As a beginning organ student, I recall my surprise when a revered teacher advised me that just because J.S. Bach is a great composer does not mean every piece he wrote is great.
In the catalog of 626 authenticated works composed by Mozart—that precisely numbered listing by Ludwig Köchel that gives us those ubiquitous “K“ numbers—there are no doubt plenty of obscure pieces that we are happy to ignore. But not the Divertimento in E-flat Major, K 653, a string trio presented in all its glory at Thursday’s (June 11) Mainly Mozart chamber music concert at the Timken Museum.
While not encountered on “Mozart’s greatest hits“ lists, this string trio stands out as one of Mozart’s most noble works, finished in 1788 at the peak of his compositional prowess. He had just completed Symphonies No. 39 through No. 41, his crowning achievement as a symphonist, although Mozart had no way of knowing these would be his final testament in the symphonic genre.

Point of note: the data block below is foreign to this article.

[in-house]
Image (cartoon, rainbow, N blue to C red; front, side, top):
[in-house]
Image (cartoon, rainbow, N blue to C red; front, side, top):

Violinist Tien-Hsin Cindy Wu, violist Chi-Yuan Chen, and cellist Ronald Thomas gave this sophisticated chamber piece the verve and thoughtfully considered refinement it richly deserves. From the outset, these three players displayed immaculate textural balance and a dependable deference to the player with the most important meldoic invention.
Especially in the inner movements, Wu’s persuasive cantabile line and glistening timbre stood out, even when her colleagues were fashioning equally compelling themes. Among these six contrasting movements, Mozart included a theme and variation cycle for the fourth that pursued exotic—for his time—harmonic excursions, as did the finale, a robust rondo.
To open this chamber concert, Thomas chose Anton Webern’s Movement for String Trio, Opus posthumous, an early serial (i.e. twelve-tone) essay that lasted but a few minutes. Webern’s delicate, short-phrased traceries and atonal harmonic field could not have been more removed from Mozart’s busy, florid style, yet it opened the concert with an expectation of concentrated listening on the part of the audience that, when applied to the expansive Mozart string trio, yielded substantial insights.